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Evangelical Cartoonist Jack Chick Passes Away

by  in Comic News Comment
Evangelical Cartoonist Jack Chick Passes Away

Jack Chick, the creator of the widely circulated and satirized “Chick Tracts,” passed away on Sunday, according to a post from his publication’s official Facebook page. Since his first publication in the late ’60s and the founding of Chick Publications in 1970, the cartoonist’s company has printed over 900 million tracts that have been translated in more than 100 languages. The cartoonist originally conceived the tract format after he heard that the Chinese government would circulate small comic books to spread propaganda. He believed he could utilize a similar style to spread his Evangelical message to wayward souls, for the purposes of ultimately leading them to salvation.

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Little was known about the cartoonist’s personal life. For years, many speculated the creator’s name was a pseudonym, given how controversial he was. Some even speculated it was cartoonist Robert Crumb, who parodied Chick in the past, along with other noted cartoonists like Dan Clowes and Jim Woodring.

While Chick had notable success in Evangelical circles, the creator eventually found a different following — the comics eventually became famous on the internet and among other cartoonists. Many lampooned the tracts due to the heavy handed approach of its subject matter and their idiosyncratic format. Bible verses were cited in nearly every panel of the tracts over the course of the morality tales, where any deviation from a strict adherence to the word of the Bible would result in moral degeneration, and ultimately, eternal damnation. Kids who didn’t believe in a higher power would deem themselves gods, while unbaptized children would be denied salvation. Only the word of God could have the power to redeem society’s worst examples, and anything outside the protestant tradition was a part of a grander conspiracy to undermine the virtuous. This moral absolutism naturally applied to criminals, but also to the LGBT community, Muslims, and oddly enough, Catholics. Chick’s extremist views on these groups ultimately lead to the Southern Poverty Law Center labeling Chick Publications a hate group. However, one of the strangest targets for the cartoonist were fans of the table top game Dungeons & Dragons.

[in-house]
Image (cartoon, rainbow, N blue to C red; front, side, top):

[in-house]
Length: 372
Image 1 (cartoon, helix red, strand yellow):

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One of the most popular comics for Chick’s ironic fanbase was of course the “Dark Dungeons” tract, which detailed the way in which D&D was a tool to convert teenagers to Satanism. It depicted an underworld revolving around the table top game, where teens would kill themselves if their character was slain during a game session. In fact, this tract was so popular, it even spawned a film adaptation made by “fans” after it was successfully crowdfunded via Kickstarter.

Chick’s work will inevitably carry on his strange and myopic world view, especially given that, at this time of year, many religious organizations tend to give out “Chick Tracts” on Halloween — which is more than appropriate, given that Chick’s world is scarier than any horror movie.

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